But busy and high quality sites are in a tiny minority, because they rely on the continuing energy of skilled people prepared to work for nothing. The only way most of us will get a good local community site is if it can make money., the UK site that received £12m of Rupert Murdoch’s cash in 1999, has just been saved from oblivion by a US company, Upmystreet was originally built as a bit of fun by a web design company, but quickly evolved into an all-singing, all-dancing local information and community site. Put in a postcode and find a raft of information, from house prices via the nearest locksmith to the fascinating Acorn demographic profile. Then compare your area with any other in the UK. The “Conversations” forum is well used, at least in my area. But the classified and display advertising, as well as deals to sell the technology, have clearly not been enough. I hope USwitch can make the numbers add up.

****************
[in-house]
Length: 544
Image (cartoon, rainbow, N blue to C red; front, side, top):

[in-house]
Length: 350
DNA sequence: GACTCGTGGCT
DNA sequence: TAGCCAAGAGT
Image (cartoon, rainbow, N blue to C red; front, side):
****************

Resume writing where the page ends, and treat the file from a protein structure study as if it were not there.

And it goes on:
It seems to me that some form of aggregated model, like Upmystreet, must be the best bet for commercial success. I found three possible routes.

Three commercial models

  • Get funding from a large organisation that hopes to get spin-off benefits. In The Netherlands, has standardised, and sometimes shared, information about 20 communities, with a concentration on promoting products and telling you where you can buy them. It is run by Rabobank, and as it still going after six years, I reckon it must be seen as a success. Back in 1997 Rabobank told me that the point of Tref was to be “a relationship marketing tool for our local banks, so they can help business in a way that is not related to finance”.